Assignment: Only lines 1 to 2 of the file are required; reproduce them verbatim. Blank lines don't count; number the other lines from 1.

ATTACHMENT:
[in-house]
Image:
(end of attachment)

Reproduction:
[in-house]
Image: